Sirens of the Sea
For century’s folklore from the Near East, Europe, China and India have depicted creatures with the upper body of a woman and the tale of a fish. These creatures popularly came to be known as mermaids. The first mermaid tale occurred around 1000 BC and involved the ancient goddess, Assyria. The goddess had accidentally killed her human lover, feeling humiliated, she transformed herself into a mermaid. Mermaids were also depicted in Greek mythology and along with the biological order, Sirenia. This biological order consisted of dugongs and manatees. These creatures were referred to as mermaids prior to the 19th Century by sailors. In Greek mythology mermaids were femme fatales responsible for enchanting sailors with their voices, causing them to shipwreck on the rocks off of their island.
Many sailors reported sightings of these creatures, including Christopher Columbus when he was sailing the Caribbean Ocean. The US National Ocean Service released a statement in 2012 in response to the Animal Planet docufiction, Mermaids: The Body Found, stating, “no evidence of aquatic humanoids has ever been found.” Many individuals had reportedly mistaken the film for a factual piece of work on mermaids.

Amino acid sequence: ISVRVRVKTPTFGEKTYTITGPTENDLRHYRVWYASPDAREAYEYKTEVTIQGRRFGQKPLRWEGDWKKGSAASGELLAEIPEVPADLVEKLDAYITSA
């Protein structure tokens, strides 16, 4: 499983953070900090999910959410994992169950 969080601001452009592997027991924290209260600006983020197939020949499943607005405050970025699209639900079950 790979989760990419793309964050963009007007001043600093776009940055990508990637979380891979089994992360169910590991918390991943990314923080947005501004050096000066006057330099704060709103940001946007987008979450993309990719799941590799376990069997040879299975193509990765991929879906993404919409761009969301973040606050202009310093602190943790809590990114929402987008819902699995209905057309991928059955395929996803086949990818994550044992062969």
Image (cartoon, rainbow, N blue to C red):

Throughout history there have been several mermaid hoaxes including one in the middle of the 17th century when John Tradescant the elder displayed a “mermaid’s hand” in his Tradescant’s Ark along with many other items. A Tradescant’s Ark is also known as a Wunderkrammer, a cabinet of curiosities containing objects that had not yet been scientifically categorized.
There have been many pieces of literature written with mermaids as main characters, possibly catalyzing the previously mentioned hoaxes.
The most popular mermaid fairy tale is undoubtedly Hans Christian Andersen’s “The Little Mermaid,” originally written as a ballet in 1836 and published as a fairy tale in 1837. The young mermaid in the ballet willingly abandons her life in the sea as a mermaid for a human life with the man she was in love with, a young prince. His tale was popularly romanticized by Disney in the 1989 film adaptation, The Little Mermaid.
Do you think mermaids populations exist in earth’s waters?
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